So his room was cluttered, as dwellings in transition are. Every object, every scrap of paper, would disappear in due course. Most of these things were dedicated to the study of Tibet and its great oppressor. Tsundue had little else. The clothes on his back, yes, and the red bandana he wore in protest. There were also pictures—little reminders of a life lived. In one of these, he was snapped from below, foreshortened, with his soles and hands and face visible above the ledge he stood on, the wave of the flag in his hands frozen mid-flutter, as uniformed arms reached out to pull him to safety. In another, shot at a similar angle, Tsundue is unfurling a large red banner outside a window at the Oberoi. Once again, he will come in. The picture does not reveal the faces of Chinese diplomats inside the hotel room beneath, from where is not visible. Where they stand, the word ‘Tibet’ is enough, and which Chinese diplomat does not understand what that means?
The totem pole was a gift. Now it is an inconvenience, for all he wants is one thing, a thing he can’t have. In talk and in action, Tsundue conveys his unhappiness. Yes, this is a democracy, a tolerant society (sort of). But what he’d like is incomprehensible to all but the most empathetic outsider.
A year later, a group of students from Woodstock in Mussorie sit one afternoon on a terrace beneath snowcapped peaks. Some giggle before he begins. In a corner, one gnaws at his sugarcane fiercely. Tsundue, seated with school officials, is treated as they would be—with harmless inattention. He starts off by telling them about the Tibet that is oppressed, that is a loosely defined geographic sore point. He tells them about His Holiness’ ideas and the non-violence of his own cause. But to the children, this is editorialising. They cannot relate. They cannot see. So far, Tsundue has given them nothing. Then, as if he realises the precarious position he is in with this audience, he switches from monologue to narrator in a movie. He tells them his own story, in which he left his Dharamsala home for Tibet without telling anyone. He tells them that he imagined living in a migrant community on a vast white plateau, on his own soil, the Tibetan soil. Of course nothing of the sort happened. He was imprisoned. They interrogated him every day, “nine Chinese officers for this chit of a boy”. Every day he told them the same story. Every day his jailers tossed him a newsletter chronicling the regime’s benevolence in Tibet, and shouted ‘learn this’ as they walked by.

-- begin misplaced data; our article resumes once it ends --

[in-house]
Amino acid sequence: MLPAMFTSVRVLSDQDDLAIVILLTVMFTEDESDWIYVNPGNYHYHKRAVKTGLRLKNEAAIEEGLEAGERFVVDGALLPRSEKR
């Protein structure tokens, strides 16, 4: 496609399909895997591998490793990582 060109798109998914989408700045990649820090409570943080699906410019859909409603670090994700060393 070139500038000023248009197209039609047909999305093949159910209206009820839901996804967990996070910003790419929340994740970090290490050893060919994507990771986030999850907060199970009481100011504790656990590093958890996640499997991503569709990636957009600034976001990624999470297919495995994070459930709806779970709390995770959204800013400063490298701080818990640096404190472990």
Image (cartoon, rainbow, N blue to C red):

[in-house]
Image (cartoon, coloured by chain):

Tsundue walks circles in his cell for exercise, uttering prayers he learned long ago, and singing Hindi songs. The kids laugh. One kid has taken off his dark glasses. The boy attacking his sugarcane has kept it on his lap. Tsundue has them now. He always does, at this point.”
By all accounts, the festival isn’t what it used to be. It seems the event had a whimsy and charm about it, especially as veterans describe the past four years. Now, amid the banners and stalls, with schoolchildren, authors, security, and overdressed Rajasthanis, there’s firm evidence that the enterprise isn’t the homely thing it used to be. Crowds jam into the main Durbar Hall, and if you try finding a seat ten minutes after the start of a session, don’t bother. At this festival, you don’t sit.